I am a social worker and parent in Australia concerned about the western practice of a method called 'controlled crying' that is used on infants to get them to sleep. This blog talks about the use of this method and other parenting methods. Search all the information on this site to be better informed about the practice of controlled crying. For any comments or questions, my email is

Wednesday, July 12, 2006

More Research....

These are some studies on infant care, take from these what you will..

Initial Lessons in Socialization

"When the infant is in a state of helpless fear and panic the amygdala
kicks in and sends messages to the brain to prepare the body for "flight or
fight." An infant can neither fight nor flee. If the panic isn't subdued by
intervention from a nurturing adult, the flood of chemicals and hormones may
rage through the brain, specifically targeting the amygdala and hippocamus, for
an unhealthy length of time.
Crying infants who are unattended have been
known to cry desperately for an hour or more until the amygdala eventually shuts
down. The infant in turn, learns after repeated episodes that it can not expect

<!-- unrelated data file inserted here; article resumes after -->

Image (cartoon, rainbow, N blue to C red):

comfort and response to its cries, and it may decide its needs are unworthy of
attention and nurturing--a decision which may ultimately affect the infant's
development self-worth.
Even though the brain may eventually determine it is
not in any danger on its own, vital opportunities to develop and reinforce
social lessons in trust, security and empathy may be missed if no attempt is
made by a nurturing caregiver to calm that state of emotional turmoil".

Read the whole article here;

Also this, a media article in USA Today;

Study: Maternal care affects adult stress
USA Today

"BRIGHTON, England (AP) — The way a mother cares for her baby can determine
how stressed out the child will be as an adult because her nurturing can
permanently change the way the infant's genes operate, new studies on rats
"This is a very important study," said Peter Gluckman, a professor of
pediatric and perinatal biology at the University of Auckland in New Zealand,
who was not involved in the research. "It shows us that the expression of genes
in mammals can be permanently changed by how mothers and infants interact and
how that can have long-term effects on behavior and psychiatric health." "

Read the whole article here;

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